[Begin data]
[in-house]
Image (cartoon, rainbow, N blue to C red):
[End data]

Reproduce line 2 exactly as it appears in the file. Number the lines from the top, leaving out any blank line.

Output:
Image (cartoon, rainbow, N blue to C red):